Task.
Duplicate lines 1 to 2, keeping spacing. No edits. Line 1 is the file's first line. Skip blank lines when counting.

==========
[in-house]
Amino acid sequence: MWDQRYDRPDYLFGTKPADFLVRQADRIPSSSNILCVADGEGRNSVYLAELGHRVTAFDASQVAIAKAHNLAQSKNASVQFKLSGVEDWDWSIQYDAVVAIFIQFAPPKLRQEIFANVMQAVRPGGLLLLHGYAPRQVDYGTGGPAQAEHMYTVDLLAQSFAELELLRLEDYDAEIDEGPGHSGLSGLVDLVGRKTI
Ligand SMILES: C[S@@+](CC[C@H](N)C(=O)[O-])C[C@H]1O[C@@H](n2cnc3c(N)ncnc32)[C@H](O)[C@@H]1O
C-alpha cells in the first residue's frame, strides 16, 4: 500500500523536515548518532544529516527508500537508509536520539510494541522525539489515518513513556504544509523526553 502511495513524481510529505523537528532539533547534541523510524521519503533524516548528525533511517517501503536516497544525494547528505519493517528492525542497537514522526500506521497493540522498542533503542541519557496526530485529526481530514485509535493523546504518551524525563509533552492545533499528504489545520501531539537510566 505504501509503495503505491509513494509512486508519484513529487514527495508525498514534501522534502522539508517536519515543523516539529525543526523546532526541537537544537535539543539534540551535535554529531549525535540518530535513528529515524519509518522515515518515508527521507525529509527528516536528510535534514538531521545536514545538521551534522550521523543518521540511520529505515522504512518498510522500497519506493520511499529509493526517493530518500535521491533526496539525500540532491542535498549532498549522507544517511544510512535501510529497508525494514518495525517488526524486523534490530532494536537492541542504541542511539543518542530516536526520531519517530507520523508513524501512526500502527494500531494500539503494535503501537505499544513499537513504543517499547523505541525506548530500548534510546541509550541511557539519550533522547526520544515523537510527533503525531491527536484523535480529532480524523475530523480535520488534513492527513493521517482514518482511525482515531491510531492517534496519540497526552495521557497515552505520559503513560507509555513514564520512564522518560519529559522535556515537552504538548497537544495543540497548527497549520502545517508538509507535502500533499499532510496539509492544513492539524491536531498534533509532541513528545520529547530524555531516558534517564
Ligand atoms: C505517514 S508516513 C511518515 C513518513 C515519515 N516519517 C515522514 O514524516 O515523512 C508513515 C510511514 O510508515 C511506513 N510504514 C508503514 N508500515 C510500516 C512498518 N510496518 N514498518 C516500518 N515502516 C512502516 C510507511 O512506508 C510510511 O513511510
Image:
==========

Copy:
[in-house]
Amino acid sequence: MWDQRYDRPDYLFGTKPADFLVRQADRIPSSSNILCVADGEGRNSVYLAELGHRVTAFDASQVAIAKAHNLAQSKNASVQFKLSGVEDWDWSIQYDAVVAIFIQFAPPKLRQEIFANVMQAVRPGGLLLLHGYAPRQVDYGTGGPAQAEHMYTVDLLAQSFAELELLRLEDYDAEIDEGPGHSGLSGLVDLVGRKTI